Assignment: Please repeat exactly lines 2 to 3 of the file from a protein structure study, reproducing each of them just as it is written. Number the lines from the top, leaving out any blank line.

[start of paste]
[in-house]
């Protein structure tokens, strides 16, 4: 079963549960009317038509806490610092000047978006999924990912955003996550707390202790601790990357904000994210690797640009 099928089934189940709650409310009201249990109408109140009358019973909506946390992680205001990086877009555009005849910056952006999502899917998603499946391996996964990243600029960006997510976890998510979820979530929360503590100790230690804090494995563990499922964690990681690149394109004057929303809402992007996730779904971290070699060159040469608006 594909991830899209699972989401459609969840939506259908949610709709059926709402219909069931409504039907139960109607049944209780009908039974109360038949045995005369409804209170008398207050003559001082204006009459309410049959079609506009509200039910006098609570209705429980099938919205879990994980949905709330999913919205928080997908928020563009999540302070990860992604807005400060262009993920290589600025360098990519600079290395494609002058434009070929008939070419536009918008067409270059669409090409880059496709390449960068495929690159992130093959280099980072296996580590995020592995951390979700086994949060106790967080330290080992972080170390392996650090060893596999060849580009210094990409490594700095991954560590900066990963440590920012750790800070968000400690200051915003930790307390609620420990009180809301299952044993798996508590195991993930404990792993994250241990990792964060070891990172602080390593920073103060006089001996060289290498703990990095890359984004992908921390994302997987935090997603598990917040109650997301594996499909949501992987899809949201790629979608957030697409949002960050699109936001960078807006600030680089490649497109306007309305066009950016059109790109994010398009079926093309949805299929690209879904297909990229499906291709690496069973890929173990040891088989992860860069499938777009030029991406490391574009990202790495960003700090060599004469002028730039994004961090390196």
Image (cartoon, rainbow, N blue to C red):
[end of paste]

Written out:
């Protein structure tokens, strides 16, 4: 079963549960009317038509806490610092000047978006999924990912955003996550707390202790601790990357904000994210690797640009 099928089934189940709650409310009201249990109408109140009358019973909506946390992680205001990086877009555009005849910056952006999502899917998603499946391996996964990243600029960006997510976890998510979820979530929360503590100790230690804090494995563990499922964690990681690149394109004057929303809402992007996730779904971290070699060159040469608006 594909991830899209699972989401459609969840939506259908949610709709059926709402219909069931409504039907139960109607049944209780009908039974109360038949045995005369409804209170008398207050003559001082204006009459309410049959079609506009509200039910006098609570209705429980099938919205879990994980949905709330999913919205928080997908928020563009999540302070990860992604807005400060262009993920290589600025360098990519600079290395494609002058434009070929008939070419536009918008067409270059669409090409880059496709390449960068495929690159992130093959280099980072296996580590995020592995951390979700086994949060106790967080330290080992972080170390392996650090060893596999060849580009210094990409490594700095991954560590900066990963440590920012750790800070968000400690200051915003930790307390609620420990009180809301299952044993798996508590195991993930404990792993994250241990990792964060070891990172602080390593920073103060006089001996060289290498703990990095890359984004992908921390994302997987935090997603598990917040109650997301594996499909949501992987899809949201790629979608957030697409949002960050699109936001960078807006600030680089490649497109306007309305066009950016059109790109994010398009079926093309949805299929690209879904297909990229499906291709690496069973890929173990040891088989992860860069499938777009030029991406490391574009990202790495960003700090060599004469002028730039994004961090390196």
Image (cartoon, rainbow, N blue to C red):